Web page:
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Letter to the Editor: Build a culture of caring

By Carly Frieders     11/16/16 8:00am

To the Editors,

Last week, as students like myself struggled to cope with the outcome of the presidential election, one bright spot seemed to emerge in outpourings of emotional support that echoed throughout our campus. I was personally amazed by how quickly student leaders, Rice Health Advisors, A-Teams and random compassionate individuals mobilized to extend our culture of care to those fearing what the future might hold for them as women, people of color, religious minorities, queer individuals or simply human beings. Still, as Wednesday night wore on, I became increasingly wary of certain narratives being offered about what the continued role of our culture of care should be moving forward. Too many times, in college emails and at “One Rice” events, voices repeated the sentiment that, if we just look past our differing beliefs and commit ourselves to shared values we have always held, we can go untouched by Tuesday’s events.

This flawed message only propagates an image of Rice as a bubble. It ignores the fact that Donald Trump’s election was not some aberration, but rather, the result of prejudice and political disengagement that exist throughout this country and, yes, that exist at Rice. Our complacency will now only present greater challenges for our community unless we reject reactionism and build not only a culture of care, but also a culture of caring. We must ask ourselves: If we care, do we care enough to do the nuanced work of respecting our peers while still challenging harmful beliefs they hold? Do we care enough to have discussions about the experiences of marginalized students that rise above ill-informed joking about political correctness, or to question the priorities our school projects with its ties to companies whose environmental abuses most significantly impact communities of color? Do we care enough to actually vote in every election between now and 2020? Moving forward, I believe we can show deeper commitment to each other by answering such questions with an emphatic “yes.”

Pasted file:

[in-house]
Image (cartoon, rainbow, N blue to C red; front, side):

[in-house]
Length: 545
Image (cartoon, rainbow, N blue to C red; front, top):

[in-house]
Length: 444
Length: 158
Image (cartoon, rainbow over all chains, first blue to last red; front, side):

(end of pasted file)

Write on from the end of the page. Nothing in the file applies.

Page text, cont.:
Carly Frieders, Brown College, Class of 2020



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